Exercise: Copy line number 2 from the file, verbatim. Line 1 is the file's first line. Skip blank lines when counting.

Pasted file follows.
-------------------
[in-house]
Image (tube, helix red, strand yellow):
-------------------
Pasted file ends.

Image (tube, helix red, strand yellow):